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*A* linear matrix inequality (LMI) is any
constraint of the form

A(x) := A_{0} + x_{1}A_{1} + ... + x < 0_{N}A_{N} | (3-1) |

where

*x*= (*x*_{1}, . . . ,*x*) is a vector of unknown scalars (the_{N}*decision*or*optimization*variables)*A*_{0}, . . . ,*A*are given_{N}*symmetric*matrices< 0 stands for "negative definite," i.e., the largest eigenvalue of

*A*(*x*) is negative

Note that the constraints *A*(*x*)
> 0 and *A*(*x*) < *B*(*x*)
are special cases of Equation 3-1 since they can be rewritten as –*A*(*x*)
< 0 and *A*(*x*)* –
B*(*x*) < 0, respectively.

The LMI of Equation 3-1 is
a convex constraint on *x* since *A*(*y*)
< 0 and *A*(*z*) < 0 imply
that $$A\left(\frac{y+z}{2}\right)<0$$. As a result,

Its solution set, called the

*feasible set*, is a convex subset of*R*^{N}Finding a solution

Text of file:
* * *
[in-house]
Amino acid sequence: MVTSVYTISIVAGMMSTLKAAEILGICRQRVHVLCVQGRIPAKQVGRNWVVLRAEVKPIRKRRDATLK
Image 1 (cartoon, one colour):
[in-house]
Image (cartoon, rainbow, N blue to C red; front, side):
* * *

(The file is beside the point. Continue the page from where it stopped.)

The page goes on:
*x*to Equation 3-1, if any, is a convex optimization problem.

Convexity has an important consequence: even though Equation 3-1 has no analytical solution in general, it can be solved numerically with guarantees of finding a solution when one exists. Note that a system of LMI constraints can be regarded as a single LMI since

$$\{\begin{array}{c}{A}_{1}\left(x\right)<0\\ \vdots \\ {A}_{K}\left(x\right)<0\end{array}$$

is equivalent to

$$A\left(x\right):=\text{diag}\left({\text{A}}_{\text{1}}\left(x\right),\dots ,{\text{A}}_{\text{K}}\left(x\right)\right)<0$$

where diag (*A*_{1}(*x*),
. . . , *A*_{K}(*x*))
denotes the block-diagonal matrix with *A*_{1}(*x*),
. . . , *A*_{K}(*x*)
on its diagonal. Hence multiple LMI constraints can be imposed on
the vector of decision variables *x* without destroying
convexity.

In most control applications, LMIs do not naturally arise in the canonical form of Equation 3-1 , but rather in the form

*L*(*X*_{1},
. . . , *X*_{n}) < *R*(*X*_{1},
. . . , *X*_{n})

where *L*(.) and *R*(.)
are affine functions of some structured *matrix* variables *X*_{1},
. . . , *X*_{n}. *A* simple
example is the Lyapunov inequality

A + ^{T}XXA < 0 | (3-2) |

where the unknown *X* is a symmetric matrix.
Defining *x*_{1}, . . . , *x*_{N} as
the independent scalar entries of *X*, this LMI
could be rewritten in the form of Equation 3-1. Yet it is more convenient and efficient
to describe it in its natural form Equation 3-2, which is the approach taken in the
LMI Lab.

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